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Village forces girls to marry by 15 or be doomed

 

SAHANA ATTUR | Mysore, January 12, 2012 21:43
Tags : child marriage | girls | gandathur | mysore | beda community |
 

What can be worse than a child marriage? How about a tradition which says that girls must get married by the age of 15 or else have to spend their life as a spinster? Well, this is exactly the tradition which is being followed in a village near Mysore district for the past several decades.

Gandathur, a hamlet near HD Kote Taluk here in Mysore district in Karnataka, is really infamous in the area for following the inhuman practice. Elders from the Beda community have made it mandatory for girls to get married as soon as they attain puberty.

Marriages in this hamlet, in fact, depend not much on the age factor but on the puberty attainment by a girl. If a girl attains puberty at the age of 10, she will be forced to marry within the year itself. The village is full of teenage girls each of whom has already given birth to a few kids even before reaching 18 years of age.

Lalitha, a mother of two kids is now 18 years old. Since she attained puberty at the age of 12, she was married off when she was only 14. In the years following her marriage, she gave birth to one baby boy and a baby girl. “I studied till 4th standard. We are three daughters of my mother and my elder sisters also got married at a very young age", explains Lalitha while speaking to TSI. Lalitha's neighbour Saraswathi, whose father is a patriarch of the Beda Community, has also being victimised by this evil tradition. Saraswathi attained puberty while she was in senior secondary school and despite her protests was married off in the same year.

Worse to this, once a girl crosses 15 years of age, her chances of getting married diminishes as the village elders mandate that she can only marry widowers or those men who want to go in for a second marriage. So deep is this cultural psyche that even most boys in the villages refuse to marry girls aged 15 years or more.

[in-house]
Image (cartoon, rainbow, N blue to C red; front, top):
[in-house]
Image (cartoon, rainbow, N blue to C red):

The story of 19 year old Raji, who refused to undergo early marriage becuase of her ambition to study further, is heart rending. "It is a pathetic reality of Beda community that girls enter into wedlock between 10 to 15 years of age. Girls here have a constant fear of not getting suitable grooms if they cross the age limit set", she laments. Raji expressed that she is more disheartened when educated people do not raise their voice against this inhuman practice. "We being females are considered a backward class of the society who can not even afford education also", she added.

It may be noted that the hamlet comprises 1227 people, out of which 662 are females and 565 are males. The ratio of females per thousand males is higher as most girls above the age of 15 years remain unmarried, creating an imbalance in the sex ratio. According to the recent Census data, 122 women remained unmarried as they were above 15 years of age.

Although it is illegal for girls to marry before the age of 18, the local authorities continue to turn a blind eye to the problem. When TSI spoke to the local Police Superintendent Manish Kanikar, he simply shifted the blame elsewhere. "The issue of girl child marraige comes under the Department of Child and Women Welfare and yet we have not received any calls from them", he said. When probed further, Kanikar said that a legal service authority had visited the village when news of such practice came into light, but nobody in the village filed any complaints.

When TSI contacted CC Patil, the State Minister for Women & Child Welfare, he expressed awareness of the problem and said that the local police is taking care of it. "Most of the people living in this region are illiterate. Necessary measures have been taken to stop this heinous practice and also an awareness drive has been led by SP, DCP of the district", avers the Minister. Patil adds that the community elders have in fact agreed that the practise of child marraiges should be stopped immidiately in the village.

Surprisingly, even after the sensitive issue hit headlines, the minister has not even bothered to visit the concerned village as yet. While the police and politicians continue to ignore the social menace, girls in this village continue to suffer the fate dictated by hard core age old caste and cultural traditions.

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Issue Dated: Feb 5, 2017